4) To eradicate “monopoly” (in their lexicon), they think (though, fortunately, have not decided yet) to dismantle those companies which are simultaneously engaged in health, pharmaceutical and financial risks management businesses. If memory serves me well, they also had promised that business would be inviolable.
5) They are worried that we lag behind the European Union in terms of state interventions in the market and they dream about the time when the proportion of population and public expenditures will reverse and instead of the current 75%-to- 25% ratio, respectively, it will become 25%-to-75%. Trebling the scale of power is a perfect solution – except why not increase it to 100% and instantly have that same wonderful old Soviet health care system we used to have;
6) They refer to the earlier conclusion of the Chamber of Control that insurance companies received “super profits.” I was going to include that in the list of idiotic actions by the former government but – being a biased person – I conveniently forgot to do that. I refrain from assuming that they will interpret differently any action undertaken by that same Chamber of Control toward their leader and current Prime Minister. They therefore think that they should purchase directly from medical institutions that portion of services which will be financed by the government. It was clear anyway; that is why they need to reinstate the state fund.
A simple explanation for all that is that these people either know nothing about health care and fairness or they merely want access to easy money.
It would be correct for me to write the following generality: “Every government sees a problem because problems are an integral part of peoples’ lives. When a government claims that it is competent to tackle that problem and thereby creates several new problems even more difficult to tackle, and so on and so forth, it becomes the problem.” That would be a correct statement, but I still cannot believe that the owner of a fortune estimated at USD 6.5 billion would knowingly issue such a glaringly open invitation to return bureaucratic corruption to the health care system. From the 1990s to 2003, our health care system was organized almost in the form these people are again advocating – and the situation in that sector was catastrophic back then. Why would it be any better now? The folly of such a policy would become apparent even before expiration of that year-and-a-half term limit that Prime Minister has set for himself and his exit from Georgian politics.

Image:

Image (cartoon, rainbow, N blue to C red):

Should we so obediently entrust our most valuable “personal property” to Matrix? Let’s hope that there will be a health care sequel – Matrix Revolution.